Confidence in Housing Near All-Time High

By Taff Weinstein at

Confidence in Housing Near All-Time High

The Fannie Mae Home Purchase Sentiment Index® (HPSI) increased 3.7 points in May to 92.0, just shy of the survey high set last May. 

A 13-percentage point increase in the “Good Time to Buy” component drove the index higher. The net share of respondents expecting home prices to go up and mortgage rates to go down over the next 12 months also increased by 5 and 3 percentage points, respectively.

“Another sharp rebound in the ‘Good Time to Buy’ component lifted the HPSI nearer its survey high set during last year’s homebuying season, though several uncertainties remain,” said Doug Duncan, Senior Vice President and Chief Economist at Fannie Mae. “While consumers’ more favorable mortgage rate outlook suggests continued support for housing affordability, potential homebuyers still face supply constraints. 

Source: Fannie Mae Home Purchase Sentiment Index Report

What Happened to Rates Last Week?

Mortgage backed securities (FNMA 4.00 MBS) gained +13 basis points (BPS) from last Friday's close which caused fixed mortgage rates to remain at very low levels.

Overview:  We had another round of "solid" domestic economic data with good readings in manufacturing and services.  The Fed's Beige Book was actually a smidge more upbeat than the last one.  But we had a big miss in Friday's Non Farm Payroll data although the Unemployment Rate remained near an all-time historical low with another reading of 3.6%.  The driving factor in global interest rates was not economic data though, it was geo-political.  British Prime Minister Theresa May stepped down on Friday and the markets continued to be concerned over a lenghty trade battle with China as well as looming tariffs with Mexico.  This uncertainty caused a continued desire to park money into long bonds which continues to push mortgage rates far below where they otherwise would be.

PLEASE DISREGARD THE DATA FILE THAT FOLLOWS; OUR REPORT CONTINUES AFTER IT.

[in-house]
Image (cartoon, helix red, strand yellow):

Jobs, Jobs, Jobs:  It's Big Jobs Friday! You can read the official BLS report here.
Here is the tale of the tape:
May Non Farm Payrolls 75K vs est of 185K
April Non Farm Payrolls revised downward from 263K to 224K
March Non Farm Payrolls revised downward from 189K to 153K
After revisions, the three month rolling average is now 151K.
The Average Hourly Rate moved up 6 cents to $27.83 per hour.
Average Hourly Earnings increased by 0.2% on a MOM basis vs. estimates of 0.3%
Average Hourly Earnings increased by 3.1% on a YOY basis vs estimates of 3.2%
The Unemployment Rate remained at 3.6% which matched forecasts.
The Participation Rate remained at 62.8%

ISM Services:  The May reading was very robust, coming in at 56.9 vs est of 55.4.  Any reading above 50.0 is expansionary and readings in the upper 50's are very strong. 

The Talking Fed:  We got their latest Beige Book that is prepared in advance of their next FOMC Meeting this June. You can read the official Beige Book HERE.

Here are some key takeaways:

  • A slight upgrade as the last Beige Book assessment was "slight to moderate" economic growth.  This time around it is depicted as "modest pace overall", dropping the "slight" classifier.
  • Tariffs are a major concern to businesses but overall, higher input prices increased at a modest pace in most districts.
  • The word "slow" (or variant thereof) dropped from 38 times in the last report to only 26 in this report.
  • Most districts saw modest or moderate growth in jobs and wages, though regions including Richmond and San Francisco cited difficulties finding workers or highlighted tight conditions. Wage pressures remained “relatively subdued” with some employers boosting benefits, contrary to widespread reports of continued labor shortages.
  • Farms reported struggles across the U.S. In the Minneapolis district, a wet spring threatens the planting season, with some growers saying they might not be able to plant at all this year. Anecdotes from Chicago echoed these troubles, with farmers challenged by poor weather and low crop prices. On the Chinese front, China is said to be preparing their rare-earth mineral procedure for slowing down or stopping exports to the U.S.  Also, they are looking into adding U.S. companies and individuals to a list that China will not allow business/trade with.


What to Watch Out For This Week:

The above are the major economic reports that will hit the market this week. They each have the ability to affect the pricing of Mortgage Backed Securities and therefore, interest rates for Government and Conventional mortgages. I will be watching these reports closely for you and let you know if there are any big surprises.

It is virtually impossible for you to keep track of what is going on with the economy and other events that can impact the housing and mortgage markets.  Just leave it to me, I monitor the live trading of Mortgage Backed Securities which are the only thing government and conventional mortgage rates are based upon.


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